When we were only 12 hours away from the campaign ending we were 80% funded and needed $2500. I was pretty worried we wouldn't make it to funding and rolled around in bed for hours before finally falling asleep that last evening. I woke up to my cell phone buzzing with texts of congrats that I made it. A mystery backer (from ICELAND!) pledged $3000 in the final hours that took us over funding. The entire time I was doing Kickstarter I was wishing for someone to knock it out of the ball park - and someone did!!!! Don't know who this person is from Iceland - but maybe he was peeking at my Kickstarter campaign and wanted to rescue it in the last hours. I'm truly grateful to Mr. Iceland and can't wait to thank him when I do skype songwriting sessions with him.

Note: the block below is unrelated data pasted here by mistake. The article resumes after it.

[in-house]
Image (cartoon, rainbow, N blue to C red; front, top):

Now that it's all over, I am unbelievably relieved. It's not easy, it takes dedication, focus and hard work. It's like climbing a mountain - sometimes it gets tiring - it gets lonely - it's exilirating - and when you make it to the top - well you feel like it was all worth it!!!! 2 weeks ago I met a singer/songwriter who told me it was the hardest and most stressful thing she's ever done and she'll never do it again. To me, with all that I've been thru in the past few years, with my parents going to heaven, I wouldn't call Kickstarter stressful. It's a fun challenge. Honestly, I knew we'd make it from the start. How was I so certain? This album I'm creating is a message that is very important in my heart that I want to reach other peoples hearts - so I knew with this intention of sincerity that it would all come together. Will I ever do another Kickstarter in the future? Perhaps... If I write an album that I think is worthy and that I think people would benefit from hearing, yes I'll for sure do it again! Tips for you if you're doing a Kickstarter campaign: 1) stay strong 2)have 30 days to focus and work solely on kickstarter 3)do a project that you feel the world needs to experience. If you missed out on becoming an angel backer on my Kickstarter project you can still jump on board and pre-order the new album. Click here: PRE-ORDER. Thanks & Love xoxoxo